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I have a web application that relies on updated information from a server. In the past, the client would send an ajax request 1000ms after the completion of the previous. It worked well, but wasted resources. The app has been converted to use a websocket when the client supports it (and degrade to Ajax when it doesn't).

In the past, ajax provided a pulse by indicating the browser was refreshing activity every second. Now, it looks dead and just sits there working. I have the following:

function connect() {
    $("#text1").text('Socket Status: '+socket.readyState+' (connecting)');
    socket.onopen = function(){
        $("#text1").text('Socket Status: '+socket.readyState+' (open)');
    }
    socket.onmessage = function(msg){ checkDATA(msg.data); }
    socket.onclose = function(){ 
        $("#text1").text('Socket Status: '+socket.readyState+' (close)');
        setTimeout(function () { connect(); },500);
    }
    socket.onerror = function(){ 
        $("#text1").text('Socket Status: '+socket.readyState+' (error) '+msg.data);
    }
}

So I do have some indication of the status, but nothing that shows a pulse. Should I just fake a pulse or is there something different/better that can/should be done to assure the connection is working?

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1 Answer 1

Underneath, a websocket is just a TCP socket. So, first you should monitor all possible error conditions and socket notifications. Then, second if you want to conclusively know that the socket is still alive, you will have to sent a regular piece of data and look for a server response.

You should note that on battery powered devices (phones, tablets, laptops), a regular network heartbeat can be a significant drain on the battery unless there are long time durations between heartbeats.

Another alternative would be to implement very smart error handling for sending and some sort of intelligent detection for received data. For sending, if you send some data and find you get an error because the socket appears to be inoperable, then you could autoamtically tear down the connection and create a new one and try sending the data again. The one gotcha with this is you have to code carefully to avoid any sort of loop where you get an error, recreate the socket, get an error, recreate the socket, over and over again. Typically, you would retry only a small number of times (2-3) and space out the time between successive retries.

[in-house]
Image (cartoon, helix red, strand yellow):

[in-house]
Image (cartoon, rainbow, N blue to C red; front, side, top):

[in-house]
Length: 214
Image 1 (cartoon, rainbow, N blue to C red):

For receiving, if you are expecting to get an update from the server every so often (say at least every 15 minutes) and more than amount of time has elapsed since the last update, then you may want to test your existing connection to see if it is still live.

Using this type of technique has the advantage that when things are working properly, you don't use any more transmission/battery than necessary, but you still have some trouble detection/handling schemes in place to automatically detect when the connection might be in trouble and to restore it automatically.

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What error(s) am I not monitoring? I have this function wrapped in try{} catch{}, catch fires when the server reboots. Catch waits 5 seconds and attempts ro reconnect. I removed the reconnection onerror, because I was doubling the connection count with the server everytime there was an error. Testing the connection seems avoidable, if I understood why/how the browser changes the connection status. –  shaun5 Mar 18 '12 at 3:36

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